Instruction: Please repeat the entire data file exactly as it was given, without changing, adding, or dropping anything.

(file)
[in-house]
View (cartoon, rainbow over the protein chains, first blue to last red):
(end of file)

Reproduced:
[in-house]
View (cartoon, rainbow over the protein chains, first blue to last red):